May 30, 2011

Step-by-step: Understanding a .dat file

.dat files are the core files of GP4 tracks. Together with .col files, they dictate what you feel, while .gp4 and .bin files are responsible for what you see. Every track starts (or at least should start) with a .dat file, from which all other files can be created. This tutorial shows the structure of the .dat files inside GP4Builder, while each topic will be expanded later in further tutorials. The original .dat files are located in the Circuits folder.



Step 1 - Track Structure. Information stored in .dat files are divided as follows: Track sectors, Pitlane sectors, CC-Line, Track Cameras, GP4Info and Magic Data. These last two were created by the GP4 community and are optional, and Magic Data is the only one of them not (yet) editable in GP4Builder.



Step 2 - Sector level. Double-clicking "Track sectors" or "Pitlane sectors" opens the sector list for each case. Sectors define the track layout and must be spaced by exactly 4.8768 meters (16 feet). Here, basic data for the sectors can be edited, but the values themselves are stored in the next step.



Step 3 - Command level. The sector list itself is just a list - all relevant data for the sectors is stored in the commands inside it - sector position, orientation, track width, banks width, banking, kerbs, track markings (called Jip mappings). Sectors usually have between 6 and 12 commands, with the most common value being 8.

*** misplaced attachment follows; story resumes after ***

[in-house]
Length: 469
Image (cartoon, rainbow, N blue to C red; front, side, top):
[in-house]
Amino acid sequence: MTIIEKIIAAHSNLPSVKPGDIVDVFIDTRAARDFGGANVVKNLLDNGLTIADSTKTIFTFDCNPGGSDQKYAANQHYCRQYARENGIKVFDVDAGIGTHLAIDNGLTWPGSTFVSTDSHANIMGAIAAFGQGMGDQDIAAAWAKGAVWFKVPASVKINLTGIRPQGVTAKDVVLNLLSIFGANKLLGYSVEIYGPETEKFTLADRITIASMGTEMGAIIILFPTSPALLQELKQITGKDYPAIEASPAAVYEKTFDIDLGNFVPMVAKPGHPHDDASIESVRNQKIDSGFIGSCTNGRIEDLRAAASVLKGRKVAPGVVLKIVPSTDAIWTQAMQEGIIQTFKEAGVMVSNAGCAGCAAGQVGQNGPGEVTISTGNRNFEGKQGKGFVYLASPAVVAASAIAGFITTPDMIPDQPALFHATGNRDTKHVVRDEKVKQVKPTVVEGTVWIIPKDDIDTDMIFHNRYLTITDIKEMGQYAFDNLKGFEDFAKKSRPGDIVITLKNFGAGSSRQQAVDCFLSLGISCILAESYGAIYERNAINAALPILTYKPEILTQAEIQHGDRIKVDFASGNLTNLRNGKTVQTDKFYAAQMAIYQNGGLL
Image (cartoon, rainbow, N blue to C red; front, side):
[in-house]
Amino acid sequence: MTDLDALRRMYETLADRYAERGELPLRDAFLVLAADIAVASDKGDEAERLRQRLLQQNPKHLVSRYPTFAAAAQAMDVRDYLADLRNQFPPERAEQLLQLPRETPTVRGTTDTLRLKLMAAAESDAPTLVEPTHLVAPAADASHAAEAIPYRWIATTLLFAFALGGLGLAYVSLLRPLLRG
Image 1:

Step 4 - CC-Line sectors. Double-clicking "CC-Line" at Base level opens the cc-line sector list. It's composed of sectors of straights and turns which make the ideal line for cars to follow (CC stands for Computer Controlled). For making a cc-line, refer to this tutorial.



Step 5 - Track cameras. TV cameras, to be more specific. Here are specified the positions, coverage and settings like zoom of the various cameras around the track.



Step 6 - GP4Info. GP4Info contains additional info which is very useful for modded tracks, which include name, country, number of laps and position of split sectors. It can be accessed by opening the "Show GP4 Infos extended data" window at Track Initial Sector.



Step 7 - Magic data is a list of values which controls invisible settings like: default setup (wings, gears and brakes - for both player and CCs); pit strategies; behavior entering and exiting pitlane; CC performance finetuning; tyre types available; track grip; air density; and many more values, some of which still remain unknown. Magic data can be edited and applied to .dat files using CMagic.

That concludes this overview - these steps will be detailed more in the next tutorials.

2 comments :

Lo2k said...

Nice first step

Jcaranti said...

Very nice tutorial.